Dwight D

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Newlands, Cape Town
Newlands is an upmarket suburb of Cape Town, South Africa. It is located at the foot of Table Mountain
Table Mountain
in the Southern Suburbs of Cape Town, and is the wettest suburb in South Africa
South Africa
due to its high winter rainfall.[2] It is home to a number of schools, including the oldest school in the country, South African College Schools
South African College Schools
(SACS) Junior and High Schools, as well as the Newlands Forest. It is best known for Newlands Cricket Ground
Newlands Cricket Ground
and Newlands Stadium, a rugby union and football venue. It is also the original home of Ohlsson's Cape Breweries, which is still located next to the rugby grounds. The original Ohlsson's Anneberg Brewery site is now location of the SACS schoolgrounds. The only remainder of the original brewery is the Josephine Mill, which used a water wheel to grind the grain for the brewery
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Baronet
A baronet (/ˈbærənɪt/ or /ˈbærəˌnɛt/;[1] abbreviated Bart or Bt[1]) or the rare female equivalent, a baronetess (/ˈbærənɪtɪs/,[2] /ˈbærənɪtɛs/,[3] or /ˌbærəˈnɛtɛs/;[4] abbreviation Btss), is the holder of a baronetcy, a hereditary title awarded by the British Crown. The practice of awarding baronetcies was originally introduced in England in the 14th century and was used by James I of England
James I of England
in 1611 as a means of raising funds. A baronetcy is the only British hereditary honour that is not a peerage, with the exception of the Anglo-Irish
Anglo-Irish
Black Knight, White Knight
Knight
and Green Knight
Knight
(of which only the Green Knight
Knight
is extant)
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Mount Everest
Mount Everest, known in Nepali as Sagarmāthā and in Tibetan as Chomolungma, is Earth's highest mountain above sea level, located in the Mahalangur Himal
Mahalangur Himal
sub-range of the Himalayas. The international border between China
China
( Tibet
Tibet
Autonomous Region) and Nepal
Nepal
(Province No. 1) runs across its summit point. The current official elevation of 8,848 m (29,029 ft), recognised by China
China
and Nepal, was established by a 1955 Indian survey and subsequently confirmed by a Chinese survey in 1975.[1] In 2005, China
China
remeasured the rock height of the mountain, with a result of 8844.43 m. There followed an argument between China
China
and Nepal
Nepal
as to whether the official height should be the rock height (8,844 m., China) or the snow height (8,848 m., Nepal)
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Cape Town
Cape Town
Cape Town
(Afrikaans: Kaapstad, [ˈkɑːpstat]; Xhosa: iKapa) is a coastal city in South Africa. It is the second-most populous urban area in South Africa
South Africa
after Johannesburg.[6] It is also the capital and primate city of the Western Cape
Western Cape
province.[7] As the seat of the Parliament of South Africa, it is also the legislative capital of the country.[8] It forms part of the City
City
of Cape Town
Cape Town
metropolitan municipality. The city is famous for its harbour, for its natural setting in the Cape Floristic Region, and for such well-known landmarks as Table Mountain
Table Mountain
and Cape Point
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Demolition
Demolition
Demolition
is the tearing down of buildings and other man-made structures. Demolition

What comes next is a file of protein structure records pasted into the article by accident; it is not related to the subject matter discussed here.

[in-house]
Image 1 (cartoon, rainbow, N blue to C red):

Demolition
contrasts with deconstruction, which involves taking a building apart while carefully preserving valuable elements for re-use purposes. For small buildings, such as houses, that are only two or three stories high, demolition is a rather simple process. The building is pulled down either manually or mechanically using large hydraulic equipment: elevated work platforms, cranes, excavators or bulldozers. Larger buildings may require the use of a wrecking ball, a heavy weight on a cable that is swung by a crane into the side of the buildings. Wrecking balls are especially effective against masonry, but are less easily controlled and often less efficient than other methods. Newer methods may use rotational hydraulic shears and silenced rock-breakers attached to excavators to cut or break through wood, steel, and concrete
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Staff College, Camberley
Staff College, Camberley, Surrey, was a staff college for the British Army and the presidency armies of British India
British India
(later merged to form the Indian Army). It had its origins in the Royal Military College, High Wycombe
High Wycombe
founded in 1799, which in 1802 became the Senior Department of the new Royal Military College. In 1858 the name of the Senior Department was changed to "Staff College", and in 1870 this was separated from the Royal Military College. Apart from periods of closure during major wars, the Staff College continued to operate until 1997, when it was merged into the new Joint Services Command and Staff College
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Royal Army Of Oman
The Royal Army
Army
of Oman
Oman
is the ground forces component of the Sultan of Oman's Armed Forces. It was founded in 1907 as the Muscat Garrison.[3] It has a current strength of 25,000 personnel.[4]Contents1 History 2 Ground Forces Organisation 3 Garrison Locations 4 Equipment4.1 Armoured vehicles 4.2 Trucks 4.3 Field Artillery 4.4 Air Defense 4.5 Small arms 4.6 Out of service equipment5 ReferencesHistory[edit] Oman
Oman
has a military history which dates back to the seventh century, when troops from the Alozd tribe were strong enough to help Abu Bakr, companion of the Islamic prophet Mohammed. At the beginning of the seventeenth century there were local forces associated with Ya'ariba dynasty.[5] It was this dynasty, which forced the expulsion of Portuguese from the country in 1650